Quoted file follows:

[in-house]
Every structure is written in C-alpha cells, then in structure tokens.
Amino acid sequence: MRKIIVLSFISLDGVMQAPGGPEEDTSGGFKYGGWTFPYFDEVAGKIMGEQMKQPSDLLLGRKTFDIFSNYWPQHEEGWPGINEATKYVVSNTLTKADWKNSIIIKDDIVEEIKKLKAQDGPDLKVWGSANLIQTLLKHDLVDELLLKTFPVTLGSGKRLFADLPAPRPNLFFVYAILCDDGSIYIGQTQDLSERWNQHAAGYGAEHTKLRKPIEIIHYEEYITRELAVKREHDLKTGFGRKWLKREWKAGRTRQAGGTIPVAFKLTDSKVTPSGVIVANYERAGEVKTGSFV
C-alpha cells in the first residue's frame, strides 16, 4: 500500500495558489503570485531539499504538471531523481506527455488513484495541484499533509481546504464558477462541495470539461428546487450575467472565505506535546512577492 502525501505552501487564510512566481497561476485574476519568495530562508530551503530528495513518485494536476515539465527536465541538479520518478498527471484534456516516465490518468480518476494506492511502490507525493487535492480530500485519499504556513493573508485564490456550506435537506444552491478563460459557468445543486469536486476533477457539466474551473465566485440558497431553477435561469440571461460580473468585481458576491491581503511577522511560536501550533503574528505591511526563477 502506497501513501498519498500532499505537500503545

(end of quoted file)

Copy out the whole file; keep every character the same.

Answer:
[in-house]
Every structure is written in C-alpha cells, then in structure tokens.
Amino acid sequence: MRKIIVLSFISLDGVMQAPGGPEEDTSGGFKYGGWTFPYFDEVAGKIMGEQMKQPSDLLLGRKTFDIFSNYWPQHEEGWPGINEATKYVVSNTLTKADWKNSIIIKDDIVEEIKKLKAQDGPDLKVWGSANLIQTLLKHDLVDELLLKTFPVTLGSGKRLFADLPAPRPNLFFVYAILCDDGSIYIGQTQDLSERWNQHAAGYGAEHTKLRKPIEIIHYEEYITRELAVKREHDLKTGFGRKWLKREWKAGRTRQAGGTIPVAFKLTDSKVTPSGVIVANYERAGEVKTGSFV
C-alpha cells in the first residue's frame, strides 16, 4: 500500500495558489503570485531539499504538471531523481506527455488513484495541484499533509481546504464558477462541495470539461428546487450575467472565505506535546512577492 502525501505552501487564510512566481497561476485574476519568495530562508530551503530528495513518485494536476515539465527536465541538479520518478498527471484534456516516465490518468480518476494506492511502490507525493487535492480530500485519499504556513493573508485564490456550506435537506444552491478563460459557468445543486469536486476533477457539466474551473465566485440558497431553477435561469440571461460580473468585481458576491491581503511577522511560536501550533503574528505591511526563477 502506497501513501498519498500532499505537500503545